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Topics from your homework you'll be able to complete:
- The creation of state constitutions after the American Revolution
- The Northwest Ordinance and the Articles of Confederation
- Shays' Rebellion and the 1780s economic crisis
- Outcomes of the Constitutional Convention
- The U.S. Constitution's preamble, articles and amendments
- Content of the Bill of Rights
- George Washington and the new U.S. government
- The emergence of federalist and republican political parties
- The French Revolution, Jay Treaty and Treaty of San Lorenzo
- The Whiskey Rebellion and Battle of Fallen Timbers
- The presidency of John Adams
1. Creating State Constitutions After the American Revolution
After the revolution, the states had to figure out what the rule of the people would be like. The early state constitutions and how they were drafted would inform the process and the resulting document that would become the U.S. Constitution.
2. The Articles of Confederation and the Northwest Ordinance
The Articles of Confederation was the new nation's founding document, but the government established under the Articles was too weak. The new central government had no way of raising revenue and no ability to enforce the commitments made by the states. The Northwest Ordinance paved the way for the growth of the new nation.
3. Weaknesses of the Articles of Confederation and Shays Rebellion
The Articles of Confederation were too weak to create an effective government for the new nation. In this lesson, discover how Shays' Rebellion proved that the national government needed to strengthen.
4. The Constitutional Convention: The Great Compromise
The Constitutional Convention was intended to amend the Articles of Confederation. Instead, those in attendance set out to found a republic (the likes of which had never been seen), which is still going strong well over 200 years later. To accomplish this task, compromises had to be made. The Great Compromise designed the bicameral congress the U.S. has today.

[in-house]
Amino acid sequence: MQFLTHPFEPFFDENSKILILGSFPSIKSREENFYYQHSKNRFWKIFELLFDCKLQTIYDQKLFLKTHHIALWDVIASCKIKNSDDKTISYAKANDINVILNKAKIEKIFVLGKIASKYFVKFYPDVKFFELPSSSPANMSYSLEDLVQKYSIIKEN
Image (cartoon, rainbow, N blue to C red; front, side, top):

5. The Ratification of the Constitution and the New U.S. Government
The U.S. Constitution may be one of the most important documents in history, but it wasn't a sure thing. A lot of debate took place. There were many people passionate about ratification, and many people passionate about ensuring it didn't get ratified. The divide over the Constitution shows us the root of political parties in the U.S.
6. The US Constitution: Preamble, Articles and Amendments
The U.S. Constitution is one of the most important documents in history. It establishes the government of the United States, and its first ten amendments, the Bill of Rights, assures every U.S. citizen the rights we have all come to hold dear.
7. The Bill of Rights: The Constitution's First 10 Amendments
The Bill of Rights was pivotal in getting the U.S. Constitution ratified. More importantly, the Bill of Rights guarantees the rights of every citizen of the United States in a way that is nearly unequaled.
8. George Washington and the New United States Government
George Washington was the United States' first president. He knew everything he did would set the stage for future presidents of the country. A heavy weight was on his shoulders, and much of what he established in his two terms set the precedent for presidents today.
9. Hamilton and the Federalists vs. Jefferson and the Republicans
Although President Washington warned against the nation falling into political factions, the different views of the Constitution held by Alexander Hamilton and the Federalists and Thomas Jefferson and the Democratic-Republicans set the path for the two-party system that the U.S. has today.